Day 5 of the 20 day Blog Challenge
Book talking - how do I book talk to students?
How often, and do use have any resources for this?
I am book talking all the time at every opportunity - I book talk when I select books for the collection, I book talk when I deselect books for the collection, I book talk when I set things up for display and when students come to me to ask for recommendations. I book talk when classes visit to change books, I book talk to teachers about latest releases, I book talk to literature circle groups. I book talk when I add to the pinterest, the Facebook page and add something to the Goodreads page. Book talking is about selling and promoting literature - fiction and non fiction. It may not necessarily be about standing in front of a class sprouting on about a particular title, just selecting a book for a collection is saying "I think this is a great book and we are going to give you free access to it so you can enjoy it".
My attitude toward book talking is that I am trying to sell time and and taking chances. Students are discerning when taking risks with their time in reading a book. It is fascinating to me how serious they take the decision in choosing a book. It is like it is a major life decision that cannot be taken lightly. Is it because of the time they need to invest, the risk they may not enjoy the story and feel like they need to finish it even if they are not enjoying it? Every time I book talk or suggest a title, my reputation is on the line. I am continual reminded of the saying "Every book you read becomes a part of you". I continually mention, if you do not like a book, you do not need to finish it, but you must give it a go to about 1/3 of the way through.
At every opportunity I need to be ready for THAT question 'Miss, can you recommend a good book to read?" Sure - I have a whole library of them - but lets find out a bit more about you and what you like ... what was the last book you read and liked? What genre do you enjoy the most? Do you think you might like .... legal crime? Epic fantasy where whole new worlds and creatures are created for new adventures? How much are you comfortable reading? What font size do you prefer? Do you have a mobile device - would you like to look at the ebook collection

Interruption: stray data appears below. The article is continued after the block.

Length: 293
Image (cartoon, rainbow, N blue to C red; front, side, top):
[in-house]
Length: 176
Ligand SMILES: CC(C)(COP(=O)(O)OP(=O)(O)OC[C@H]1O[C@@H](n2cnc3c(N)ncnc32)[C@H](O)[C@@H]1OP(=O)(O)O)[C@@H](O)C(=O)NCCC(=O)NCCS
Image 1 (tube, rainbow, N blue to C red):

? I also always use ordinary words like sex, swearing, death, blood and guts, zombies and mutants, to give the core of the story rather than literary speak.
When I place a couple of books into a students hands I give them a brief outline of the book (see the image above), I suggest they read the first 5 pages of each of the books, then make a decision on which one they would like to give a chance to. It really has to be their decision in the end.
I think the best way of book talking is to have students book talking their own reading. I have set this up in year 6 and it is working really well. The students are very happy to tell each other about the books they have read. They do need to be reminded that we just need an outline - not the full details and if they follow the book talking formula above, they usually do a pretty good job with the other students really, really wanting to to read the books that have been book talked.
It is also interesting with my Pix for year Six box that if I am there and able to briefly talk about each of the books, the books are more likely to be borrowed - it adds a personal touch to the experience.
I am always book talking. I received a fabulous compliment the other day from an English teacher who had told me he had recommended that other English teachers come to see me because "she knows more about contemporary young adult fiction than anyone he knows ". WOW. (I am glad he doesn't know too many of the other people I know who know much more than me!!) This is part of it, if you do not know your clients or your product you cannot possibly do well at sales in that area. Read, read, read your collection. (or at least read about what is in your collection).
The books are my tools and resources.
Previous posts similar to this : Getting noses into books